His name is Efe Obada, and a scant five years ago he’d never played North American Football yet in January 2019 the Carolina Panthers signed him as one of their Defensive Ends in the NFL.
Born in Nigeria on 30 April 1992, aged eight years of age Efe’s family moved to the Netherlands where at the age of 10 he and his sister were separated from their mother and trafficked into England. Abandoned upon arrival, it left the two children homeless on the streets of Hackney in the east of London. Initially sleeping rough, they first found shelter in an office block, then were taken in by a friend of the family, before living with strangers, home hopping between 10 separate foster homes.
He had a tough life growing up, enough so to see three of his friends murdered. Eventually, through a contact of their mother, he managed to find stable employment, working shifts as a security guard at the Welwyn Garden City branch of Grace Foods.
At this stage, Obada for the first time in his life started playing North American Football for the London Warriors in his spare time. At the time, Aden Durde, defensive coordinator for the London Warriors, had spent a summer working as an intern coach with the Dallas Cowboys during 2014.
Based on Durden’s recommendation, Obada received an invitation to join the team for a workout session just days prior to their upcoming clash with the Jacksonville Jaguars in London. Despite his rawness and lack of experience, the Dallas Cowboys signed him on 1 April 2015 as an undrafted free agent.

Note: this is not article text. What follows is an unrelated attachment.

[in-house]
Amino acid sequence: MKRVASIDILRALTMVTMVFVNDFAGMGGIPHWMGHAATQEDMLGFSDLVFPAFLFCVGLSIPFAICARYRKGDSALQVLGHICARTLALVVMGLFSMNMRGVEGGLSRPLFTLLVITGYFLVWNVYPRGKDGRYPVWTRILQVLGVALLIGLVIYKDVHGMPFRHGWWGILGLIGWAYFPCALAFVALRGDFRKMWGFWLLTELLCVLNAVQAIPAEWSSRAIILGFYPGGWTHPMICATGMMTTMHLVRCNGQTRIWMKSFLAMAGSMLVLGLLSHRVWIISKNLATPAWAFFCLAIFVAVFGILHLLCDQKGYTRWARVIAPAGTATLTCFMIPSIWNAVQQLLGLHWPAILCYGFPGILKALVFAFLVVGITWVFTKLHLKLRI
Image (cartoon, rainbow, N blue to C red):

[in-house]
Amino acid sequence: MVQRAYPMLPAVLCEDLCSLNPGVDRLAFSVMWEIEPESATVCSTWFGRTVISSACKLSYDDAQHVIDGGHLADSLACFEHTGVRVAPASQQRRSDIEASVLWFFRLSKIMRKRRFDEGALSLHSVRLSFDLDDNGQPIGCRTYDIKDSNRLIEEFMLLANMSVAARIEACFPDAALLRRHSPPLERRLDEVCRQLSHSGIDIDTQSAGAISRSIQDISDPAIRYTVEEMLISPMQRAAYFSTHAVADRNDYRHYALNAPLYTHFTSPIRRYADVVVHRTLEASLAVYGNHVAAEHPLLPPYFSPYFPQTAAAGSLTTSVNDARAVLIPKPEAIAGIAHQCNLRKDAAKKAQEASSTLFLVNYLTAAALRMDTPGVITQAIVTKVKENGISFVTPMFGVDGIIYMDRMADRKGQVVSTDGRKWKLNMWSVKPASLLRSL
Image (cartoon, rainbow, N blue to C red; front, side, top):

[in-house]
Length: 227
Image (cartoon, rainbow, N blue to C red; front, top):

In rookie minicamp, they waived him on 5 September, but on 23 September they signed him up to the practice squad of the Dallas Cowboys. On 9 March 2016 the Kansas City Chiefs signed him and on 28 July 2016, the Atlanta Falcons signed him. Finally, on 25 May 2017, Obada signed up with the Carolina Panthers via the International Player Pathway program instituted by the new NFL which guaranteed him a team position.
He made an explosive debut for the Panthers which was good enough to see his extraordinary gameplay recognized by him receiving the game ball in the locker room after the match. Leading international online sportsbooks such as William Hill as well as punters who follow and regularly wager on the NFL’s action-packed matches quickly recognized his potential.
Part of the conditions of the International Player Pathway program made him ineligible for promotion into the 53-man roster during regular season play. However, after making a strong show during the preseason, Obada distinguished himself by becoming the first player from the program to successfully enter a 53-man roster. In his third week, Obada played his first regular season match against Cincinnati’s Bengals, making one intersection and one sack.
Obada’s performance during his first match not only saw him receive the game ball it also had him named NFC Defensive Player of the week, he went on to finish his season having made eight combined tackles with two sacks